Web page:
Galaxy Note: Cute when it works

Samsung Galaxy Note, lock screen

I don’t think the quill picture was meant to imply primitive. And generally it isn’t – apart from the browser. And it is just mine, or so say the rest of the world.

I bought a Samsung Galaxy Note datapad (large mobile phone / small tablet).  After all, it is the kind of invention I wish the future to have. I am known to happily lose money to support something that fits in my vision of the future, such as e-books (before they became popular),  speech recognition (before it became good) and neural activator control (which never became popular, I’m afraid). Oh, and SSD-only netbook. Android smartphone. And now this, a thing that is half smartphone and half pad/tablet.

I don’t have extreme qualms over losing money on it, in that perspective. But I’d like something in that price range to work. Or if not, I’d like to know why. I am not that fortunate. But as with so many things in my life, it just might be a message from the Author. That’s what happens when you’re a … well, not exactly Main Character I hope, but a viewpoint character at least.  Like the weird clockwise dying light bulbs I recently wrote about. Not quite a miracle, but kind of suspicious. And of course there were the long, long string of strange coincidences when I bought the original Galaxy Tab. In comparison, this is very simple.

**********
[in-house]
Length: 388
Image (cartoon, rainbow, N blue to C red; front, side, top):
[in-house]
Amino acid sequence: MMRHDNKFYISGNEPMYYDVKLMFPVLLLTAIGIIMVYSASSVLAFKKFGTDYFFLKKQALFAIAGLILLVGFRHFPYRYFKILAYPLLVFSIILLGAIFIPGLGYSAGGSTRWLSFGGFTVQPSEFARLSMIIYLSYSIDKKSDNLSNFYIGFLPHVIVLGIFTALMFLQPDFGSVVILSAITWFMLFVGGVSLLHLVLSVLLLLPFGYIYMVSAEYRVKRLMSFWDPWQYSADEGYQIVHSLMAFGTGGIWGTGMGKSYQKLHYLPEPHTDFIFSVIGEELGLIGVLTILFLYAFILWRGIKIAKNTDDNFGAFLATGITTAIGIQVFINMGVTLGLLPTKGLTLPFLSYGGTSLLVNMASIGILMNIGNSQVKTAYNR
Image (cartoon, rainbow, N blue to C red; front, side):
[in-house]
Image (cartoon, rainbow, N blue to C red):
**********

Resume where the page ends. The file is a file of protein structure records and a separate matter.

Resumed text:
The browser does not work on 3G. It works like a charm on Wi-Fi, even if the Wi-Fi is actually another tablet running in hotspot mode. Conversely, when I use the Note as a hotspot, it happily provides my desktop with all the bandwidth it needs to power two simultaneous browsers working simultaneously. But it cannot keep its own browser from timing out. That is a bit absurd.

In all fairness, once in a while I get a page up, but it can take half an hour. And it is not specific to the internal browser (which gets high praise by reviewers, who evidently don’t have the same problem). I tried with Opera and it was, hard as it is to imagine, even worse. Once again, it was very happy to work on Wi-Fi.